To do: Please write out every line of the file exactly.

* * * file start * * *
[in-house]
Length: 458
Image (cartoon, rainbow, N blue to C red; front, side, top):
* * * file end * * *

[in-house]
Length: 458
Image (cartoon, rainbow, N blue to C red; front, side, top):